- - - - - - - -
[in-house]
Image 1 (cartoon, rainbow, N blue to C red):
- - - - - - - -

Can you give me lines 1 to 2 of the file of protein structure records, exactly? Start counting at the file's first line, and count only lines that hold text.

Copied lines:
[in-house]
Image 1 (cartoon, rainbow, N blue to C red):